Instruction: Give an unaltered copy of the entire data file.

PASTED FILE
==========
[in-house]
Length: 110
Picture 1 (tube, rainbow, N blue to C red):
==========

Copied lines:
[in-house]
Length: 110
Picture 1 (tube, rainbow, N blue to C red):